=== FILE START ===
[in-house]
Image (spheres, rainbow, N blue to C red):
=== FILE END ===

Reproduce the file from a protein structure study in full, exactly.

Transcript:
[in-house]
Image (spheres, rainbow, N blue to C red):